Question 6: The Rise of Conservatism The 1960s were marked by a liberalization of America both socially and politically, marked by the social and economic reform of President Johnson's “Great Society.”[11] “The Great Society,” somewhat like Roosevelt's New Deal, sought to bring federal assistance to great numbers of the poor and disadvantaged. Dubbed the “war on poverty,” this revolved primarily around education and job training.[12] In addition to this, Johnson sought to end racial discrimination with the Civil Rights Acts of 1964 and 1968, and the Voting Rights Act of 1965, which made illegal discrimination in housing and job markets, as well as voter registration.[13] By the 1970s the momentum had moved against these ideals for several reasons. To begin with, as with all reform, Johnson's had angered many people. Johnson himself understood this; upon signing the Civil Rights Act of 1964 he commented that “I think we just delivered the South to the Republicans for a long time to come.”[14] Many people were furthermore frustrated by the behavior of the youthful counter-culture, the protests of which had at times resulted in violent riots- such as at the Democratic Convention in Chicago.[15] Billing himself as a conservative candidate, capable of restoring order to the country,[16] and furthermore promising to end the increasingly unpopular Vietnam War and attain “peace with honor,”[17] Nixon took the 1968 election. Though he would end his presidency in disgrace, this marked the beginning of a period of Republican presidency and the advent of a social, political, and most importantly economic conservatism that pervades American to this day. Ironically, President Johnson's reforms and policies had largely achieved their goal- the percentage of the population living in poverty dropped from 20% in 1960 to 11% in 1975.[18] Nonetheless, these were increasingly cast aside by the burgeoning conservative movement. This was due in large part to an economic downturn, which caused Americans to look askance at tax money being taken from their pocket and give to others. This downturn was compounded by an embargo by OPEC, the Organization of Petroleum Exporting Countries, which led to a spike in gas and energy prices, and consequently other domestic goods such as food.[19] By Nixon's resignation, American's had lost confidence in both their economy and their government, which President Ford did little to alleviate.[20] Though a Democrat, Jimmy Carter was an outspoken fiscal conservative, and enjoyed support from many who would otherwise have voted republican. However, his administration was plagued by economic difficulty, and uninspiring, indecisive leadership which left the voters exasperated. “He had managed to discredit the liberal tradition of the Democratic Party even while distancing himself from it, making his presidency the symbol of a larger political collapse.”[21] This left the country primed for an inspiring and motivational speaking, which they found in Ronald Reagan. Where Carter had focused on a rhetoric of belt-tightening and moral restraint, Regan promised to renew American superiority. Towards this end he implemented his supply-side centric “Reaganomics,” which remains a political buzzword to this day.[22] It was during this period, under its greatest and most popular proponent, that the conservative movement reached its apex and left its two greatest marks on American society. The first was his “Reaganomics,” which centered on tax cuts and deregulation. Towards the first, he instituted the Economic Recovery Tax Act of 1981, the largest tax cut in national history.[23] And towards the second goal, he rolled back regulatory power of everything from the Environmental Protection Agency to the Securities and Exchange Commission. These stances of lax federal oversight and low corporate and personal taxes continue to frame the espoused republican views on government. But perhaps even more important than his economic legacy was Reagan's social legacy. His destruction of the Great Society aid, coupled with his rollback in taxes, rewarded the individualistic philosophy which he espoused. It was during this period that young people began placing their economic interests over their social ones. As Rosabeth Moss Kanter said in a Newsweek article in 1984, “a lot of people are going into business who in the 1970s would have gone into public service.”[24] The article goes on to relate a young 25 year old Bostonian's comments on the 1984 presidential election: “Cook like Reagan 'for financial reasons,' but because of the Republican stance on abortion and other social issues she eventually voted for Mondale... 'I knew Reagan would win easily anyway... If I thought it was a close election, I might not have voted for Mondale.'”[25] Andrew Carnegie wrote that “it were better for mankind that the millions of the rich were thrown into the sea than [given to the poor] to encourage the slothful,”[26] justifying his absurd acquisition of wealth through a selective Christian ethos. Thanks to the modern conservatives, Carrie Cook need not veil her greed even so thinly.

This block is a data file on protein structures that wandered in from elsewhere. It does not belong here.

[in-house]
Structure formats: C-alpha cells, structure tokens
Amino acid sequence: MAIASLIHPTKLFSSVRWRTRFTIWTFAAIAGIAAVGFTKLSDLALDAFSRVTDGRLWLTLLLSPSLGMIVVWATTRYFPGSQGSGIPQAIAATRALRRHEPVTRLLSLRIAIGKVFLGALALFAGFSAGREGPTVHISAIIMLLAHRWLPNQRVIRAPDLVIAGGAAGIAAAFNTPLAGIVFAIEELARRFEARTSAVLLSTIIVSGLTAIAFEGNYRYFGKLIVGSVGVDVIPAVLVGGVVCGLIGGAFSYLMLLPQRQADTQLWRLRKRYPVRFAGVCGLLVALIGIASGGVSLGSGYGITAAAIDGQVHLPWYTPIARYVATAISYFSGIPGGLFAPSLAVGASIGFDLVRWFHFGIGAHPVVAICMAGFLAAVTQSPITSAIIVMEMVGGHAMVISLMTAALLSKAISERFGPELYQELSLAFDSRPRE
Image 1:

Question 5: American Consumption By the latter half of the nineteenth century the nation began to make the transition from a smaller, localized and agrarian economy to an industrialized, consumer-based economy. The reasons for this are many-fold; advanced manufacturing led to the mass-production of goods, allowing for cheaply produced and cheaply bought products[27], the railways allowed for these new, cheaper goods to be transported throughout the country via mail-order services[28], the newly expanded federal government supplied a universal federal currency with which these products could be bought, and the rapid increase of paid wage labor in these industrial centers created a broader base of consumers for these rapidly growing industries.[29] The economic implications of this change were massive; American grew to be the world's foremost producer of goods by 1900, as our economy became increasingly international and export-driven.[30] But no less massive were the social implications, especially for the working class and middle class. The working class found themselves with wages and new, cheap, mass-produced product to purchase with them, while the middle class was now expanded by the management of these new, huge companies, where once it had been comprised of skilled artisans and small business holders solely.